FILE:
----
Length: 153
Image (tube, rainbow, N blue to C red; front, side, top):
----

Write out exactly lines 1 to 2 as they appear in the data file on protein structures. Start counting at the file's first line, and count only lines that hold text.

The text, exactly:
Length: 153
Image (tube, rainbow, N blue to C red; front, side, top):